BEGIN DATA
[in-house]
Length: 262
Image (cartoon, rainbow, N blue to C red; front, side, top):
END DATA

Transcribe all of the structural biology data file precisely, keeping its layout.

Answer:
[in-house]
Length: 262
Image (cartoon, rainbow, N blue to C red; front, side, top):